Pat Donohue • Feb 03, 2012
Six days in the crater (day one)
The following is the first in a series of posts based on field notes and memories supplemented by background reading material from the Meteor Crater Field Camp that was held from October 17-23, 2010. The field camp was run under the NASA Lunar Science Institute and headed by Dr. David Kring of the Lunar and Planetary Institute.
Twenty-two of us are spread out between three Chevy Suburbans, and it's strange having legroom on a geology expedition. Not that there's far to go. We are camped out in an RV park a mere 5.5 miles from our field site: Barringer Meteorite Crater. This is the first day of the first ever Meteor Crater Field Camp, and we are making the first trip first thing in the morning to my first visit to any crater, ever. Everyone's ready to get started, and we don't have long to wait. Our first stop is approximately fifteen feet outside the gates of our campsite, and we step out of the vehicles after realizing the stop wasn't because of a forgotten water bottle or notebook.
At 5.5 miles out there's not much of the crater to see and so we huddle around Dr. Kring, our fearless leader. He asks us to imagine standing at this exact spot 49,000 years ago* as Meteor Crater formed. "What would you see?" he asks us. Slowly we find our voices: A streak of light and a flash. A fireball. Wind whipping across the plains. A massive volume of ejected material rushing toward you. Then nothing because you are dead.
We learn we wouldn't even last that long. At this distance the shock wave would reach you in less than a second, turning you inside out before the wind and heat simultaneously flash-cooked your body as it tumbled away in pieces with the desert sage. Oh well. Someone luckier and further away would have seen quite the show.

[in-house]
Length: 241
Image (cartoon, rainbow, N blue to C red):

49,000 years later, as we pile back into the vans, it's mostly sunny and warming past 50°F on the high desert plains of Arizona.
[*On the basis of thermoluminescence, 26Al, 10Be, and 36Cl studies, it's generally agreed that Meteor Crater formed 48 to 49 thousand years ago. More recently, updated 36Cl reference material argues for an older age of 60 to 65 thousand years.]
On the docket for our first day at the crater is a 3.7 kilometer (2.3 mile) hike along the rim, about 1.8 km clockwise before lunch, then retracing our steps counterclockwise. There's House Rock (also known as Monument Rock), the largest (intact) boulder on the crater rim at about 10 meters tall. Pile on two more House Rocks and you'd have a reasonable estimate of the meteorite diameter. And maybe at one time there really was another House Rock or two on top. Surface exposure age dates from the top of House Rock are younger than the 49,000-year formation age.
It wouldn't be surprising if House Rock had initially been covered by ejecta. Erosion and weathering is evident everywhere at the crater. A gully running downslope beneath the crater museum rapidly cut through three layers of authigenic breccia, both exposing and halfway eroding a projectile fragment over a two year period. The breccias are so friable that when we later head into the crater, we aren't allowed to touch or even go near the left side of the gully where the projectile is exposed.
On our counterclockwise hike back we generate a little erosion of our own by scrambling down the crater wall a bit from House Rock to see something (else) awesome. We start out on Kaibab limestone on the crater rim and walk down through Moenkopi formation, and end up back at Kaibab. The top slice of bread in the Kaibab-Moenkopi-Kaibab sandwich is ejected, overturned Kaibab. The bottom slice is in-situ Kaibab. And the meaty Moenkopi center is where it gets interesting. Look at the photo below. Both members of the Moenkopi are visible here. The pale reddish brown Wupatki (at left) is a massive sandstone underlying the dark, reddish brown fissile siltstone called the Moqui. The surrounding pale/tan blocks are dominantly Kaibab (limestone/dolostone), though most shown here are loose boulders.
Originally horizontal beds were uplifted during impact and now dip away from the crater. In the center of the above image, the Moqui member -- the surface unit at the time -- takes a sharp turn and winds up parallel to the crater wall. This is an exposed portion of a fold hinge, where a flap of target material was overturned to create an inverted stratigraphic sequence.
There's so much more to see at the crater. Sand fields, tear faults, shocked quartz...and we're still just getting started!
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